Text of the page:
This paper describes the dam safety, catchment management and water quality response to the failure of a major peatland which covered 8% of the catchment of Wingecarribee Reservoir in the Southern Highlands of New South Wales.
Jim Walker, Murray Gillon and John Grimston
Karapiro Dam is at the end of a cascade of hydropower dams on the Waikato River in New Zealand’s North Island. The 52m high, high hazard, arch dam retains the lake for a 96MW power station at its downstream toe. Safety reviews recommended a re-evaluation of the dam stability under seismic loading.
Dam owner, Electricity Corporation of New Zealand (ECNZ), commissioned consultants Tonkin & Taylor Ltd to carry out a series of studies and investigations which provided better understanding of the dam’s safety status. Investigations located a previously unrecorded continuous low strength thrust fault underlying the left abutment. This provided the potential for movement of the left abutment gravity blocks under earthquake loading, with adverse effects on arch dam and reservoir safety. Investigations showed the abutment cut off walls to be lower than the PMF lake level. High groundwater levels and erodible pumiceous soils were found at the left abutment. These findings prompted ECNZ to implement stability enhancement works.
This paper describes the studies and investigations, peer review process, and design and construction of enhancement works.
Robert E Saunders
The vast majority of dams in Australia are relatively small affairs. For example, approximately 90% of Queensland’ referable dams are less than 15 m in height. Most of these dams are owned by small communities, mining companies or farmers, many of which have smaller operations than those of Australia’s larger dam owners. In many cases the dam represents the owner’s sole source of water supply.
Many smaller dam owners are unaware of the key factors affecting the safety and best management of their facilities. Added to this is a general lack of understanding of dam related issues by the community at large. This often leads to significant owner and community concerns (and conflicts) that have the potential to jeopardise the viability, or worse, the safety of a project. The relative importance of the dam to the smaller dam owner often exacerbates these issues.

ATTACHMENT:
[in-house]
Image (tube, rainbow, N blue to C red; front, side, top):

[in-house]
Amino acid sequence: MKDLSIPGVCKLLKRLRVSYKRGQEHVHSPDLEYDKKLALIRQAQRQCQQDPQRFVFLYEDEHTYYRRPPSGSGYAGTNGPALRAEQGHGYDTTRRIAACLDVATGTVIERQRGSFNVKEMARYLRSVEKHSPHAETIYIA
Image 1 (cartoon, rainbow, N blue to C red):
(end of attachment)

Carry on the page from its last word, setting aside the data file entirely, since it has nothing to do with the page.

This paper serves to illustrate, by way of example, a consultant’s viewpoint of some of the issues encountered on small dam projects and suggests actions that the dams industry as whole could take to improve the situation.
ANCOLD Environmental Guidelines have been under preparation for a considerable time. A brief for their preparation followed a resolution by the ANCOLD executive in 1991] that:
“ANCOLD should be seen by the profession and the community as a credible and informed source of information on the risks and benefits associated with dam projects.”
Why the guidelines were initiated, why they have taken the time they have to prepare and what they cover are described in this paper.
To the author’s knowledge, they are the only guidelines of their type, addressing the environmental effects of dams and associated works. It is hoped that they generate substantive debate. This paper initiates the public comments phase.
The paper has two purposes:
° = To introduce the guidelines ° To use the guidelines to introduce this environmental issues session of this conference